Meteorologists warned before the storm that this could be a major hail incident, and they weren’t wrong. On Tuesday, Colorado saw a massive hailstorm that shattered state records. The maximum recorded hailstone that fell this week in Bethune, Colorado was 4.83 inches. The previous record was only 4.5.
To give you perspective on the size of ice falling from the sky, the size of a DVD or CD is about 4.75 inches. The hail that fell on Colorado this week was huge and could have seriously hurt someone.
At one Ford dealership in Dacono, Colorado, just 40 minutes north of Denver, over 300 cars were damaged in the storm. A representative of the dealership said every single car in the lot had some sort of damage, including broken windshields, parts scattered across the ground and dented cars.
“This is catastrophic for us,” She said.
One truck driver was parked overnight in Colorado when the hailstorm hit her truck. She described the experience as “absolutely terrifying”, and said it was like someone was hitting her vehicle with a baseball bat. She shared on social media that she was afraid the truck would be totaled.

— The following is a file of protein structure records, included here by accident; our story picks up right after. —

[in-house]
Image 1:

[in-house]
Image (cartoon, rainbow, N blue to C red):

Luckily there are no reports of any injuries or deaths due to this storm, but it is a real possibility. Hail can fall from the sky at over 100 miles per hour, and if a large enough stone was to drop on someone’s head, it would easily kill them. Hundreds have died in past years due to hail and intense storms just like the one that hit Colorado.
It Isn’t Over
The state will continue to see thunderstorms in the coming days, though meteorologists aren’t sure if we can expect more large hail.
The types of storms brewing over that part of the US create the perfect situation for both hail and tornados. Nebraska, Kansas, and Minnesota all saw some levels of hail this week, though nothing close to what Colorado saw, and there are several reports of tornados within these areas as well.
Wyoming is especially likely to develop intense storms.
Not The Largest Ever
While this hailstone is the largest ever recorded in the state, the largest hailstone ever was discovered in Vivian, South Dakota after an especially nasty storm in 2010.
The hailstone measured a hefty 8 inches in diameter, weighing almost 2 full pounds. Numerous other stones in the 6-inch range were found, and reports of damage included major hail punching a hole into wooden decks and tearing through cars.